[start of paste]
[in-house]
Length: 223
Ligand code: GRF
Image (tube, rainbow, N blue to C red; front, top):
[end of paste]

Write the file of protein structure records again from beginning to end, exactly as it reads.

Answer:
[in-house]
Length: 223
Ligand code: GRF
Image (tube, rainbow, N blue to C red; front, top):